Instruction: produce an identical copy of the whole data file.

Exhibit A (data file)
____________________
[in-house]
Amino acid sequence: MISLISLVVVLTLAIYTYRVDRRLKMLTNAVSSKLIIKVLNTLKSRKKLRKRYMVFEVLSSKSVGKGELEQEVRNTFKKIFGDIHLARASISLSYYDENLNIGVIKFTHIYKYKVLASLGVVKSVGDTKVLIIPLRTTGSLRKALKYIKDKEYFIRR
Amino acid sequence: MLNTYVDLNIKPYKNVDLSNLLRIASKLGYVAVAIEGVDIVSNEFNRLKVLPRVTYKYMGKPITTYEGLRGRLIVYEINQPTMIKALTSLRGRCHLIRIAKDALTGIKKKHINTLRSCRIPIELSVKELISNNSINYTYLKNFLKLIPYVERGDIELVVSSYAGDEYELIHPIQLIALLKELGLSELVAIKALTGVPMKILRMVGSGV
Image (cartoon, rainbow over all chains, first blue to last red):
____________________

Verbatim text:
[in-house]
Amino acid sequence: MISLISLVVVLTLAIYTYRVDRRLKMLTNAVSSKLIIKVLNTLKSRKKLRKRYMVFEVLSSKSVGKGELEQEVRNTFKKIFGDIHLARASISLSYYDENLNIGVIKFTHIYKYKVLASLGVVKSVGDTKVLIIPLRTTGSLRKALKYIKDKEYFIRR
Amino acid sequence: MLNTYVDLNIKPYKNVDLSNLLRIASKLGYVAVAIEGVDIVSNEFNRLKVLPRVTYKYMGKPITTYEGLRGRLIVYEINQPTMIKALTSLRGRCHLIRIAKDALTGIKKKHINTLRSCRIPIELSVKELISNNSINYTYLKNFLKLIPYVERGDIELVVSSYAGDEYELIHPIQLIALLKELGLSELVAIKALTGVPMKILRMVGSGV
Image (cartoon, rainbow over all chains, first blue to last red):